THE IASB is pressing ahead with a controversial project that will allow rate-regulated entities to continue using their previous accounting policies on adopting international accounting standards.
The global standard setter has issued an interim Standard, IFRS 14 Regulatory Deferral Accounts, that aims to enhance the comparability of financial reporting by entities that are engaged in rate-regulated activities.
Under the interim standard, first-time adopters of IFRS with rate-regulated assets and liabilities - such as utility companies - would continue recognising these accounts in accordance with their previous GAAP upon adopting the new standard. An entity that already presents IFRS financial statements is not eligible to apply the standard.
Designed to provide relief to first-time adopters of IFRS, the interim standard is part of a long-term project investigating whether rate-regulation creates assets or liabilities in addition to those already recognised under IFRS for non-rate-regulated activities.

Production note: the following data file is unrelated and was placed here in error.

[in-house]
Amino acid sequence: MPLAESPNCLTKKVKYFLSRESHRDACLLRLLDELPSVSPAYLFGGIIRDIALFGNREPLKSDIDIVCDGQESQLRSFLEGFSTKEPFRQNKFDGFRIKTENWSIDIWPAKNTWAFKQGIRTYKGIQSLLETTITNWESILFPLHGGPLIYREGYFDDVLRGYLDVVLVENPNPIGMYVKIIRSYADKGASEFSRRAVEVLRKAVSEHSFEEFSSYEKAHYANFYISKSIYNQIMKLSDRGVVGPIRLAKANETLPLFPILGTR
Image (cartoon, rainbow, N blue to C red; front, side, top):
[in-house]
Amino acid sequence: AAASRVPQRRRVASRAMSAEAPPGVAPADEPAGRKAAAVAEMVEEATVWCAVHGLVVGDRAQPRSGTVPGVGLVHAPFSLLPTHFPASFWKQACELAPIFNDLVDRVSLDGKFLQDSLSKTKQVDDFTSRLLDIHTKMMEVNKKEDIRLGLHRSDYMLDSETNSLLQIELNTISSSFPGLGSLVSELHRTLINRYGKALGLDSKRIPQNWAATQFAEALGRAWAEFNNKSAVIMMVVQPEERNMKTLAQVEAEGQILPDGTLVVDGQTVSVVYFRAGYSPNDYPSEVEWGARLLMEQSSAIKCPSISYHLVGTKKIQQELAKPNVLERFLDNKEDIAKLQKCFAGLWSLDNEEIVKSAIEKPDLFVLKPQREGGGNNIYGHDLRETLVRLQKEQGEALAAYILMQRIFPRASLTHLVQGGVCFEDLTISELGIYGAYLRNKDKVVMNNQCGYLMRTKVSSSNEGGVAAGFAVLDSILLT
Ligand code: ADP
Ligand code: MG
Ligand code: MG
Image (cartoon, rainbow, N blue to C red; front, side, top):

The standard has previously been heavily criticised by the FRC. In October, the UK reporting watchdog said it was against the interim standard could be "disadvantageous to those jurisdictions that already use IFRS".
To enhance comparability with entities that already apply IFRS, the IASB said the interim standard now requires that the effect of rate regulation must be presented separately from other items.
"These interim measures will go some way towards enhancing the comparability of financial reporting by entities with rate-regulated activities until the IASB's comprehensive rate-regulated activities project is completed," said Ian Mackintosh, vice-chairman of the IASB.
A discussion paper on the subject is expected later this year. IFRS 14 Regulatory Deferral Accounts is effective from 1 January 2016, with early application permitted.
A high level summary of the standard can be downloaded here.
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